• Between the lower-level primitives 2202 and the upper-level applications 2200 reside various software and hardware infrastructures 2204 that are involved in generating the images associated with the GUI. As seen in FIG. 22, such infrastructures 2204 can include a handheld input device/pointer, application program interfaces (APIs), GUI screens, developers' tools, etc.
  • The present invention provides a new user interface for visual browsing of content that is optimal for disabled or impaired people. The entire user interface is built around a limited set of actions, e.g., SELECT and BACK, or just SELECT. The rest of the useful information is gathered by the act of pointing. The result is a new visual browsing capability that allows impaired people much easier access to content and functionality.
  • The above-described exemplary embodiments are intended to be illustrative in all respects, rather than restrictive, of the present invention. The present invention is capable of many variations in detailed implementation that can be derived from this description by a person skilled in the art. All such variations and modifications are considered to be within the scope and spirit of the present invention as defined by the following claims. No element, act, or instruction used in this description should be construed as essential to the invention unless explicitly described as such. Also, as used herein, the article “a” is intended to include one or more items.

Claims (11)

1. A user interface consisting of:
a select function for selecting a user interface element; and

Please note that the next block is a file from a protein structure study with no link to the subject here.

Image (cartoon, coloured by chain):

a back function for returning to a previously displayed screen of the user interface.
2. The user interface of claim 1, further consisting of a tremor compensation function for compensating for a pointing function.
3. A user interface consisting essentially of:
a select function for selecting a user interface element; and
a back function for returning to a previously displayed screen of the user interface.
4. The user interface of claim 3, further consisting essentially of a tremor compensation function for compensating for a pointing function.
5. A user interface consisting of:
a select function for selecting a user interface element.
6. A user interface consisting essentially of:
a select function for selecting a user interface element.
7. A user interface consisting of:
a select function for selecting a user interface element; and
a tremor compensation function for compensating for a pointing function.
8. A user interface consisting essentially of:
a select function for selecting a user interface element; and
a tremor compensation function for compensating for a pointing function.
9. A system comprising:
a pointing function for pointing to one of a plurality of user interface objects displayed on a screen;
a select function operable by a user to select the one of the plurality of user interface objects;
a back function operable by the user to return to a previously displayed set of user interface objects; and
a tremor compensation function for reducing a variation associated with the pointing function caused by hand tremor.
10. A system consisting of:
a pointing function for pointing to one of a plurality of user interface objects displayed on a screen;
a select function operable by a user to select the one of the plurality of user interface objects;
a back function operable by the user to return to a previously displayed set of user interface objects; and
a tremor compensation function for reducing a variation associated with the pointing function caused by hand tremor.
11. A system consisting essentially of:
a pointing function for pointing to one of a plurality of user interface objects displayed on a screen;
a select function operable by a user to select the one of the plurality of user interface objects;
a back function operable by the user to return to a previously displayed set of user interface objects; and
a tremor compensation function for reducing a variation associated with the pointing function caused by hand tremor.